Corporate profits

Goldman sees early signs of consumer belt tightening in US corporate earnings

According to Goldman Sachs Group, the first signs that the tightening of the consumer belt is affecting corporate profits are coming, which poses a greater risk for American stocks than the sale of stocks by American households.

High inflation and falling asset prices have begun to weigh on household finances, Goldman strategists led by David Kostin wrote on Friday. They cited the 0.3pc drop in retail sales in May and Michigan’s record consumer sentiment reading for June.

Retailers such as Target and Walmart appear to have overestimated consumer demand in certain general merchandise categories and are now offering discounts on items to eliminate excess inventory, strategists said.

“The decline in consumer spending poses a threat to earnings for consumer discretionary stocks and the auto industry group in particular,” they said.

“Used car prices are down 6% since January, a sign that overall demand for vehicles may be weakening. The consensus expectation of 13% industry sales growth in 2023 seems Pollyannaish.”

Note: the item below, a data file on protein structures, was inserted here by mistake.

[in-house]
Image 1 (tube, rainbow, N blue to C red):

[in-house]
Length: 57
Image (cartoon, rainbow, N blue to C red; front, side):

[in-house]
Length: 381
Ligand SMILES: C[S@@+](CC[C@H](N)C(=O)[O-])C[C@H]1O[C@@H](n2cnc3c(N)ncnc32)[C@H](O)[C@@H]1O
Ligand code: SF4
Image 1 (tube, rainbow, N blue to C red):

Goldman still expects the S&P 500 to end the year at 4,300, versus a median of 4,650 among strategist targets compiled by Bloomberg in mid-June.

The gauge closed Friday at 3,911.74. It has fallen about 18% so far this year, struggling with factors such as Federal Reserve rate hikes and stubbornly high inflation.

During the opening exchange of their meeting in the Bavarian Alps, the leaders of the Group of Seven discussed how to coordinate action to combat soaring inflation and counter the threat of recession, as well as how to keep the pressure on Russia following its invasion of Ukraine.

Some investors worry that the rising cost of living, rising bond yields and weak equity returns could lead to household capitulation in the stock market and further pressure on equities, Kostin and his team said.

But the data shows household demand for equities has remained “surprisingly strong” this year, they said.

Also, since most of the property is owned by wealthier people who are more sheltered from inflation, and businesses tend to buy when households are selling, the business doesn’t worry as much about these factors than factors that would drive the stock down.

“The S&P 500 has risen 8% on average in the years since 1950 when households sold stocks most aggressively,” the strategists wrote.